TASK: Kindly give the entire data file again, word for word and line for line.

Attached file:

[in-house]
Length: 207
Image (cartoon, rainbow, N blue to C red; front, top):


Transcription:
[in-house]
Length: 207
Image (cartoon, rainbow, N blue to C red; front, top):